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Demirel, M.M., İnceboz, T. and Tosun (Yegane), S. (2003) The Research of Parasitic Infections in The Manisa Moris Sinasi Pediatric Hospital. Turkish Parasitology Journal, 27, 262-265.

has been cited by the following article:

  • TITLE: Prevalence of Intestinal Parasitic Infection and Its Side Effect in School Aged Children in Our Local Region

    AUTHORS: Zeynep Gökalp ıevik

    KEYWORDS: School Aged Children, Intestinal Parasites, Prevalence, Rural Area, Hygien

    JOURNAL NAME: Open Access Library Journal, Vol.2 No.8, August 17, 2015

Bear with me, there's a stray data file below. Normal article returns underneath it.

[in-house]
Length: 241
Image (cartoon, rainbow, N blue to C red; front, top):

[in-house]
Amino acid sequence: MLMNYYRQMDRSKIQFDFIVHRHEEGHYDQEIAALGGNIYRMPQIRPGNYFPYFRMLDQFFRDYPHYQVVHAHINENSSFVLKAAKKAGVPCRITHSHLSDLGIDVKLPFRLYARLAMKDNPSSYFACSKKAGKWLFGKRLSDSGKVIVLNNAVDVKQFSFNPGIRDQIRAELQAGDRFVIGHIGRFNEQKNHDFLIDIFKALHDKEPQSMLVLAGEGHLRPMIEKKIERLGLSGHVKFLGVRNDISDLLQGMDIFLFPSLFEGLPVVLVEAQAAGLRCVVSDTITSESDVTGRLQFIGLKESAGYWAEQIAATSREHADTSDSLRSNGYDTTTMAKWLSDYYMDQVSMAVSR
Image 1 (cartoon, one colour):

ABSTRACT: Background: The presence of intestinal protozoal infections and parasites is a common and important health problem in our developed country. Our aim of this study was to determine the prevalence of intestinal parasites and protozoa in primary school children, and relationships between the prevalence and family socio-economic status. Patients and Methods: The study population was randomly selected from two schools (rural and urbans), from April 2013 to September 2014. A total of 132 learners (85 boys and 47 girls) participated in this research. One of the selected school was a college (S1) and the other one was local goverment school (S2). The children weight, z scores, blood hemoglobin level and family properties such as fathers’ employment, etc. have been researched. Parasitological data were collected by analyzing stool samples using Formalin ethyl acetate concentration technique by the department of Biochemistry laboratory in The Goverment Hospital. Symptoms, socio-economic and epidemiologic data were collected by means of a pretested structured questionnaire. Results: Out of 132 learners analyzed, 44.6% stool samples were positive for ova and cysts of which 34.4% were known pathogenic parasites. The most common parasite was Giardia intestinalis followed by Dientamoeba fragilis, and Enterobius vermicularis. Occurrence of Blastocystis hominis, H. nana, Taenia spp, and Fasciola spp is low. Our findings showed that there was a significant difference in parasitic infections between S1 and S2 school. Significant associations between parasitic infections and children’s family educations were observed. The mean hemoglobin concentration was 96 g/L (7 ± 1.1) and the prevalence of parasitic infections was more than 40 in rural area school children (in S1 school). In total, 41.6.2% of children were hungry when they arrived at school from S1. Over 5% of mothers and 12% of fathers were illiterate. Conclusion: Our study results demonstrated that parasitic infections in school children were found to be a common and a severe public health problem. Diarrhea, abdominal pain and weight loss were the main symptoms. Lower socio-economic condition and poor sanitation were the main risk factors. In our opinion, the department of Public Heart Centers should explain the reasons to family for preventing intestinal parasitic disease, and explain hygienic conditions importance, and application of supportive programs for the parents.